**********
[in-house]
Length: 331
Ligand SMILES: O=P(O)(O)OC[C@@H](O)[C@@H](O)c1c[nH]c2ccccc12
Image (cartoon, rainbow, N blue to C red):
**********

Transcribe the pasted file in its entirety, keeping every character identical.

[in-house]
Length: 331
Ligand SMILES: O=P(O)(O)OC[C@@H](O)[C@@H](O)c1c[nH]c2ccccc12
Image (cartoon, rainbow, N blue to C red):